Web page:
This is one of my articles posted through Examiner.com, where I am notably the Minnesota Pet Loss Examiner.—Sid

Animal lovers universally know how difficult it is to come to the decision to end a pet’s life in the first place, but to decide this and then have to bundle up an aged, ailing, or injured pet to transport him or her to the vet’s office can make things even tougher.
The longest miles you’ll ever travel are those between your house and your vet’s office when bringing your most beloved animal friend to be put to sleep. They may also be the most dangerous if you are alone and attempting to drive through torrents of tears. For many, in-home euthanasia provides a peaceful, undisruptive option to the often sterile surroundings of a veterinary clinic.
Though not universally available, such services are becoming more and more common as veterinarians respond to pet owners’ needs to provide the gentlest manner of euthanasia, allowing the animal to rest comfortably amid familiar surroundings with their loving humans and even fellow pets around them to say goodbye.

I wanted to use in-home euthanasia when Mortimer passed away June 2009, but no one was available that particular day.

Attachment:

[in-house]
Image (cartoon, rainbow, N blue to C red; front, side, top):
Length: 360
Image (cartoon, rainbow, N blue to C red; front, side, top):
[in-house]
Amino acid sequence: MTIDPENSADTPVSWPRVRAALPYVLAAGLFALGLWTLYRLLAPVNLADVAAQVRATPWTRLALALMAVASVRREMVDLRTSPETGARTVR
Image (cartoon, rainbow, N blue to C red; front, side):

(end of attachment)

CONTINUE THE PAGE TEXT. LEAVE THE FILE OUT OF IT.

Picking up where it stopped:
In the Twin Cities area, this service is often available seven days a week, including evenings, and same-day appointments can often be accommodated. You may first check with your regular vet as to whether he or she offers such services. For additional support at this difficult time, some people opt to call in an animal chaplain to be present at the euthanasia as well.
What can you expect from in-home euthanasia? Commonly, a vet will first give the animal a sedative to both calm him or her and ensure he or she will experience no pain. A razor may be used to remove fur from the leg where the drugs may be administered.
Then an injection of medication to stop the heart and breathing will be given, wherein the animal will simply appear to fall asleep within moments or, at most, just a few minutes. (It is advisable to have a sheet of plastic covered with old towels placed beneath the pet for when the bladder/bowels empty once he or she passes.)
Afterward, the vet may take an impression of your pet’s paw print in clay and/or shave some bits of his or her fur for you to keep as commemorative items. You will be allowed to spend as much time as you need to with your pet’s body.
Fees are often in the vicinity of $200–$400 for these house calls and may include the vet’s removal of the body followed by either group or individual cremation. In the latter instance, the ashes will be returned to the pet owner. Urns may also be available for purchase.
You may choose to have your pet buried in a pet cemetery in your area. Or, you may also opt to bury your pet yourself, provided it is legal for you to do so where you live.

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